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Types of Periodontal Disease

Periodontal disease (also known as periodontitis and gum disease) is a progressive disease which affects the supporting and surrounding tissue of the gums, and also the underlying jawbone. If left untreated, periodontal disease can result in loose, unstable teeth, and even tooth loss. Periodontal disease is in fact the leading cause of tooth loss in adults in the developed world and should not be taken lightly.

Periodontal disease begins when the toxins found in plaque start to attack the soft or gingival tissue surrounding the teeth. This bacterium embeds itself in the gum and rapidly breeds, causing a bacterial infection. As the infection progresses, it starts to burrow deeper into the tissue causing inflammation or irritation between the teeth and gums. The response of the body is to destroy the infected tissue, which is why the gums appear to recede. The resulting pockets between the teeth deepen and, if no treatment is sought, the tissue which makes up the jawbone also recedes causing unstable teeth and tooth loss.

Types of Periodontal Disease

There are many different varieties of periodontal disease, and many ways in which these variations manifest themselves. All require immediate treatment by a periodontist to halt the progression and save the gum tissue and bone. Here are some of the most common types of periodontal disease along with the treatments typically performed to correct them:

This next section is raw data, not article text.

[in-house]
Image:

Gingivitis

Gingivitis is the mildest and most common form of periodontitis. It is caused by the toxins in plaque and leads to periodontal disease. People at increased risk of developing gingivitis include pregnant women, women taking birth control pills, people with uncontrolled diabetes, steroid users and people who control seizures and blood pressure using medication.

Treatment: Gingivitis is easily reversible using a solid combination of home care and professional cleaning. The dentist may perform root planing and deep scaling procedures to cleanse the pockets of debris. A combination of antibiotics and medicated mouthwashes may be used to kill any remaining bacteria and promote the good healing of the pockets.

Chronic Periodontal Disease

Chronic periodontal disease is the most common form of the disease, and occurs much more frequently in people over 45. Chronic periodontal disease is characterized by inflammation below the gum line and the progressive destruction of the gingival and bone tissue. It may appear that the teeth are gradually growing in length, but in actuality the gums are gradually recessing.

Treatment: Unfortunately unlike gingivitis, chronic periodontal disease cannot be completely cured because the supportive tissue cannot be rebuilt. However, the dentist can halt the progression of the disease using scaling and root planing procedures in combination with antimicrobial treatments. If necessary, the periodontist can perform surgical treatments such as pocket reduction surgery and also tissue grafts to strengthen the bone and improve the aesthetic appearance of the oral cavity.

Aggressive Periodontal Disease

Aggressive periodontal disease is characterized by the rapid loss of gum attachment, the rapid loss of bone tissue and familial aggregation. The disease itself is essentially the same as chronic periodontitis but the progression is much faster. Smokers and those with a family history of this disease are at an increased risk of developing aggressive periodontitis.

Treatment: The treatments for aggressive periodontal disease are the same as those for chronic periodontal disease, but aggressive periodontal disease sufferers are far more likely to require a surgical intervention. This form of the disease is harder to halt and treat, but the dentist will perform scaling, root planing, antimicrobial, and in some cases laser procedures in an attempt to save valuable tissue and bone.